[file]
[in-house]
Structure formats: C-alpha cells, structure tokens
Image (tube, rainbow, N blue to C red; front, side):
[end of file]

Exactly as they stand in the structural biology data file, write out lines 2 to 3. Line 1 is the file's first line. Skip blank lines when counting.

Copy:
Structure formats: C-alpha cells, structure tokens
Image (tube, rainbow, N blue to C red; front, side):